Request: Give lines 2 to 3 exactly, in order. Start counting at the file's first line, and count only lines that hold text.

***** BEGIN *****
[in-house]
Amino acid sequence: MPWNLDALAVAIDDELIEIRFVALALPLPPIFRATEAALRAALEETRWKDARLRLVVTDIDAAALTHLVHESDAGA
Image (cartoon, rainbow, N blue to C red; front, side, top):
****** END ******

Amino acid sequence: MPWNLDALAVAIDDELIEIRFVALALPLPPIFRATEAALRAALEETRWKDARLRLVVTDIDAAALTHLVHESDAGA
Image (cartoon, rainbow, N blue to C red; front, side, top):